Valentine’s Day Roundup

Just in time for Valentine’s Day! We’ve come up with some of our favorite romantic reads, our favorite literary couples, and couples who are putting the “fun” back into dysfunction. 

Best Romantic Reads

       November 9 by Colleen Hoover: I concede this is a bit controversial because the love story is convoluted and a bit grey area.  This one has all the makings of a smaltzy love story.  Couple who meets under extremely unlikely and odd circumstances.  Male character who makes large and overwhelming gestures.  They decide to part and meet up every single year on- you guessed it, November 9!  The story is then complicated by the fact that Ben and Fallon actually have a history that only one of them knows about which is what puts it in grey area land.  What I did like very much though is that the choice of being with Ben or walking away falls solely on Fallon in the end and for me it did feel like I would understand if she stayed or left.  Also this totally preyed on my teenage dream of finding love like in a movie fantasies.

       Brooklyn by Colm Tόibίn:  Alright so this one isn’t really traditionally romantic but has lots of romantic subtext.  Eilis comes to America in the 1950’s to make a life for herself and she falls for and starts dating Tony.  Eilis is Irish and Tony is Italian so there’s lots of cultural clashing that occurs but also Eilis is firmly entrenched in both her life in America and that of Ireland due to unforeseen circumstances.  What will she choose? Well you have to read to find out.

      Bridget Jones’ Diary by Helen Fielding: I am realizing my choices in romance are a little offbeat but I’m alright with it so far.  The love story I like most here is Bridget falling in love with herself.  She spends much of the novel figuring out her 30-something self and having interesting run ins and shagging sexy men.  To the point where she famously declares herself a “wanton sex goddess”.  There’s a little Bridget Jones in all of us.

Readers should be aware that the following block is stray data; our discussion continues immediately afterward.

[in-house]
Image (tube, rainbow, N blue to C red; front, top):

If I Stay by Gayle Forman: At the beginning of this novel, Mia and her family are in a horrible car accident and Mia ends up the sole survivor. Mia is in a coma for the rest of the novel, but she hovers over her body and learns the fate of her parents and little brother. This is an interesting love story because while we see flashbacks to Mia and her boyfriend, Adam, we don’t see them interacting in the present. The closest we see is Adam at Mia’s hospital bedside begging her to ‘stay’ and Mia hovering above, contemplating what to do. Is there anything to live for? Is Adam worth living for? I loved this quote by Adam: “If you stay, I’ll do whatever you want. I’ll quit the band, go with you to New York. But if you need me to go away, I’ll do that, too. I was talking to Liz and she said maybe coming back to your old life would be too painful, that maybe it’d be easier for you to erase us. And that would suck, but I’d do it. I can lose you like that if I don’t lose you today. I’ll let you go. If you stay.”  

Favorite Literary Couples

       Simon and Baz, Carry On by Rainbow Rowell: This book was just the story that kept on giving for me.  Two people who shouldn’t fall in love as they are sworn enemies?  Check.  Unlikely situations that throw this pair together where romantic moments ensue? Check.  I basically read this one just for the moments when Simon and Baz were together.  I love this pairing so much and I was SO SAD when this book was over!  I need more Rainbow!